The UID variables control the user used to run Roxen under Unix. Usually services such as web servers are run as the root user, with unlimited privileges. However since Roxen might be running a lot of scripts and modules it is not always appropriate to run it as root.
There are three ways to run Roxen as another user. The simplest is just to start Roxen as that user. A problem is that only root may open privileged ports on many unixes. Therefore it might be necessary for Roxen to run as root to open the ports.
Then it becomes possible to use the Settings / Change uid and gid to variable. In that case Roxen will change to this user unless it has to do something that requires it to be root, for example opening a port. Since Roxen still retains the ability to change user to root this might not be safe enough. Therefore you can use the Settings / Change uid and gid permanently variable to force Roxen to permanently change user just after it has opened its ports. This is safer but has the side effect that you may have to restart the server to be able to change the URL settings of a site.
It must however be stressed that none of the methods of changing user id is as safe as starting Roxen with that user id. Paranoid persons solve the privileged port problem in another way, for example by putting a relay or load balancer in front of the web server or by using ACLs to give the Roxen user permission to open privileged ports.
On most operating system Roxen can run as a threaded server. This has the advantage of making it possible for Roxen to serve requests while it is doing something CPU intensive, such as creating a large business graphics diagram. Or serve other requests while it is waiting for the operating system to fetch a file from a slow disk.
It is however not necessary that threading makes Roxen perform better overall. There is always an overhead when running with threads. Roxen doesn't need threads to send data to several browsers at the same time, it only needs threads to be able to calculate what to send concurrently.
Threading will not make it possible for Roxen itself to make effective use of more than one CPU on a multi-CPU system.
A big disadvantage is that running Roxen threaded will make it vulnerable to all bugs in the operating systems thread implementation. This may make Roxen perform badly, hang Roxen or even hang the computer itself.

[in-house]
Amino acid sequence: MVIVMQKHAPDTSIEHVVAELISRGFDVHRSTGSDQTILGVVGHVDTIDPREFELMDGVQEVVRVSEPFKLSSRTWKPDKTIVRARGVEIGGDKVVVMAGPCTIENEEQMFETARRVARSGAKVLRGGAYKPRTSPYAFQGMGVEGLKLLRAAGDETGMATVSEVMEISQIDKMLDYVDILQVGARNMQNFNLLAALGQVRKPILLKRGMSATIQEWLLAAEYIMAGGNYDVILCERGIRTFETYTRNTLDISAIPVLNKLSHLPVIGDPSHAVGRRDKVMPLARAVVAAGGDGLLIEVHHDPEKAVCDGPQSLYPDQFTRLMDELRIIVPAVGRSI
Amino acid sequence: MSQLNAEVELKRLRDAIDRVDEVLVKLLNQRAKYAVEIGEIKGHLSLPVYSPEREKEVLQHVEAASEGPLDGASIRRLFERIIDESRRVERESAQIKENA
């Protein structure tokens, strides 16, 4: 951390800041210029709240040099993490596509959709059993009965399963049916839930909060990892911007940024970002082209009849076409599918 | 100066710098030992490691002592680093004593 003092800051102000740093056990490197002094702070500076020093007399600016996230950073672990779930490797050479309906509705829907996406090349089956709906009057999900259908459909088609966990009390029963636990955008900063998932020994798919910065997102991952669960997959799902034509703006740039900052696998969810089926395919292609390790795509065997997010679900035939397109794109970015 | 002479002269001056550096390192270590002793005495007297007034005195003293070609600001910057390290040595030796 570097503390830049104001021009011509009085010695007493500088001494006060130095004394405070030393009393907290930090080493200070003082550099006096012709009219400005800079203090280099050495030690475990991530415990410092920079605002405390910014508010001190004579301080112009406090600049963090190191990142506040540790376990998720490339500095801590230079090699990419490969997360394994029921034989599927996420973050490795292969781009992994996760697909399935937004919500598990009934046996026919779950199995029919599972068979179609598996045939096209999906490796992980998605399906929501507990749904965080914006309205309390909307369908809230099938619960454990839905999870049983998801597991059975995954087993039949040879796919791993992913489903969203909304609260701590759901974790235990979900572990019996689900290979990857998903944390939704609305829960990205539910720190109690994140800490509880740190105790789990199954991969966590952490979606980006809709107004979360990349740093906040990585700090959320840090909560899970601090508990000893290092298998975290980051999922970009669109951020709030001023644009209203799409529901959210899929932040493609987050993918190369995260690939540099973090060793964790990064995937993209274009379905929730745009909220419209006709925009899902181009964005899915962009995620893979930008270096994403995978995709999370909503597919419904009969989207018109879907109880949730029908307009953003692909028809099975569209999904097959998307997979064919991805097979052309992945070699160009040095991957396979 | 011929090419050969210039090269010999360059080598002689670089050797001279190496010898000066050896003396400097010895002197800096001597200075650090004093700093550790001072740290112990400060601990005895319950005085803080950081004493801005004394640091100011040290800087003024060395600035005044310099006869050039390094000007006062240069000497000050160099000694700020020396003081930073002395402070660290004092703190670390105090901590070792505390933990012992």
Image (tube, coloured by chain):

To enable threads Roxen must be started with start --DENABLE_THREADS, something that is done automatically on Solaris. It is possible to configure the number of request handling threads with the Settings / Number of threads to run variable. Note that modules and scripts may start more threads.
The Settings / Module directories variable controls where Roxen will search for modules, by default in roxen/server/modules/ and in roxen/local/modules. The second location is intended for the user's own modules or third-party modules. It is not recommended to install any modules under roxen/server/modules, since they will be replaced when Roxen is updated.
Roxen will check any .pike, .class (Java modules) file found in the module directories or its sub directories to se if they are a module. A file is a module if it can be loaded and conforms to the Roxen module API.
Note that module uniqueness is determined by the file name and only the file name. Roxen cannot handle two modules with the same file name, regardless of which directories they reside in. The upside to this is that you can move a module between directories without affecting Roxen.
Roxen searches for fonts in the directories specified by Settings / Font directories, by default in roxen/server/nfonts and roxen/local/nfonts. The second location is intended for the user's own fonts or third party fonts. It is not recommended to install any fonts under roxen/server/nfonts since they will be replaced when Roxen is updated.